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Physical and Chemical Characteristics of the Marine Environment

Water is essential to the maintenance of all life. It constitutes 80 per cent or more by weight of active protoplasm. It is the most efficient of all solvents and carries in solution the necessary gases, oxygen and carbon dioxide, as well as the mineral substances necessary to the growth of plants and animals, and it is itself one of the essential raw materials in the manufacture of foods by plants.

Organisms living in the terrestrial environment have devised means, such as impervious integuments, to conserve water, and the land plants have roots and special vascular systems for transport of water to all growing parts. In the marine environment there is freedom from dessication, except at high-tide levels, and therefore no highly specialized means are provided for conservation of water or for its transport in plants.

Also of biological importance are the high heat capacity of water and its high latent heat of evaporation, both of which obviate the danger that might result from rapid change of temperature in the environmental medium. Owing to the high degree of transparency of water it is possible for the sea to sustain plant life throughout a relatively deep layer, and in animals the development of organs of vision and of orientation has progressed to a marked degree.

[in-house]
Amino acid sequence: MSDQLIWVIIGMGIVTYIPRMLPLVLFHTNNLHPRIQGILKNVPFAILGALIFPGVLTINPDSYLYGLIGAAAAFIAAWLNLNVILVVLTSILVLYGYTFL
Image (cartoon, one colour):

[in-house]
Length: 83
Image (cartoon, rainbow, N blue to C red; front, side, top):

Sea water is a buffered solution; that is, changes from acid to alkaline condition, or vice versa, are resisted (p. 195). This property is of vital importance to the marine organisms, mainly for two reasons: (1) an abundant supply of carbon can be available in the form of carbon dioxide for the use of plants in the synthesis of carbohydrates without disturbance to the animal life that may be sensitive to small changes in pH, and (2) in the slightly alkaline habitat the many organisms that construct shells of calcium carbonate (or other calcium salts) can carry on this function much more efficiently than in a neutral solution.